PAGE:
So what gives?  Remember, my quest was about syntax.  So now my first reaction is to say, “ahh, the Erlang lexer must have noticed the 0’s padding within the chevrons and properly guessed that it was a syntactical binary number”.  A tiny shiver, as if a warning, passed through me, but I dismissed it and wasted 10 minutes of my life.

So, continuing down this assumption, were we to increase our binary number by 1, we should get 01000010 == 66.  Right?
Well, it says false.  So what is the problem?

Let’s use erl to evaluate  <<01000010>> directly:
Holey Smokes!  That makes no sense.  Are we saying that the letter after “A” is “J”?  Weird.

Let’s Get to the Point

The reason that none of this makes sense, and the start of our explanation is that naked numerals within the erlang chevron syntax are treated as decimal numerals.  I purposefully used the term numerals to differentiate the symbol itself from the abstract number.  This means that the naked chevron-sandwhiched token <<01000001>> is actually a pair of chevrons surrounding the number “one million and one” and encoded as such.

Why I made a Mistake

Earlier, I had assumed that the Erlang lexer was clever and noticed the prefixed zero padding, in order to lex <<01000001>> as a binary number.  That was my mistake.  I suppose I could make an argument that any number preceded by 0 and having only 1’s and 0’s could be interpreted as binary.  But it’s really quite a pain to implement.

But We are Not Done

So, if the syntax of naked numerals within chevrons treats the numerals as a decimal encoding, then why does this evaluate to true?
I know, for a fact, that the decimal number 65 is not equal to the decimal number 1,000,001.  We still have some weirdness to account for.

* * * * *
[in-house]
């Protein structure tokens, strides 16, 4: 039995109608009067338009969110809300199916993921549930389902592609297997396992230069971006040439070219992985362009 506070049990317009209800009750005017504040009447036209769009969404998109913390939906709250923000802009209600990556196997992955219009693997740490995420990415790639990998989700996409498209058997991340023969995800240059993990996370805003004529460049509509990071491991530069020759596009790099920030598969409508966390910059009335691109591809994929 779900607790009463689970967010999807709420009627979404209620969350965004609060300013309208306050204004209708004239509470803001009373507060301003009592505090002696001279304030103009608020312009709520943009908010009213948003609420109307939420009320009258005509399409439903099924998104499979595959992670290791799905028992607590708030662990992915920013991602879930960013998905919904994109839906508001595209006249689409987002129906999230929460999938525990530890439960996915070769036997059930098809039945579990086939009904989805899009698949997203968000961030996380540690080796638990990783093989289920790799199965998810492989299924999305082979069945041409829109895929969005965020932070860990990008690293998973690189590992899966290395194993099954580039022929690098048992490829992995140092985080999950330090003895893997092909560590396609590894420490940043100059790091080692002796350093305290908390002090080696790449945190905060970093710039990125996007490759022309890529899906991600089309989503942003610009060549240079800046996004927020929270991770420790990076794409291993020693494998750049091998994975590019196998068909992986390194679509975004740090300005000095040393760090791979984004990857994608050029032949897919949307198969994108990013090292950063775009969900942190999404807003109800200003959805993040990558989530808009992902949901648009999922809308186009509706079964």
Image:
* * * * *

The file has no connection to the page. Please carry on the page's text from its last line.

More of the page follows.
And here is the final trick, the syntax for naked numerals within chevrons is short-hand for numerals with some bit-length adornment, specifically 8.
You see that colon, followed by the number 8?  Well that is syntax for bitstring length.  It is stating that the decimal numeral 1,000,010 will be crammed into 8-bits.  And if the binary number is greater than 8 bits??  

Ah hah!   That is the trick.  If the binary number is greater than 8-bits, then we truncate the most-significant bits and leave the 8-least-significant bits as the number.

So let’s return to the naked syntax <<01000001>>. Remember, this is shorthand for <<01000001:8>> which is saying “Convert the decimal numeral ‘one million and one’ into binary, and then truncate everything but the 8 least-significant bits.”

So what is “one million and one” in binary?
Well, the answer is 11110100001001000001

Ok, so here we go:
    (0100001)base-10  is equal to  (11110100001001000001)base-2

Let’s examine the binary numeral again:
   11110100001001000001
As you can see I highlighted the last 8 places (or least significant places) and we can see that our decimal numeral is found in the last eight places of the binary numeral.
   (0100001)base-10  is equal to  (11110100001001000001)base-2

Again, this is why the wiki page should be ashamed of itself. It used a decimal numeral that accidentally truncates to its binary representation.  So very confusing.

Finally

If you’re interested in not losing those more significant bits, then just change the bit-length adornment.
 
Here, you see that we took our decimal numeral “one million and ten” and said “cram this into a bitstring of length 96.  You can see that we need 3-bytes worth of encoding, but the remaining 9-bytes are just zero padding.  (that 74, by the way, is the letter “J” -- and so we come full circle).

In the end,
is true, but only because you are losing significant precision because of the syntax on the left.  Beware.

Enjoy.


6 comments:

  1. Thank you for taking the time to write this post and share your findings.

    ReplyDelete
  2. Thanks very much, it is helpful

    ReplyDelete
  3. I read it today, thanks a lot, it clarified a lot for me

    ReplyDelete
  4. Thanks very much, this is very helpful me to know more about erlang.

    ReplyDelete
  5. Good read, At first I didn't get why it jumped to "J" from "A". I see that since it is decimal there is a difference of 9 betwee 1 and 10, hence the jump. Thanks for writing it.

    ReplyDelete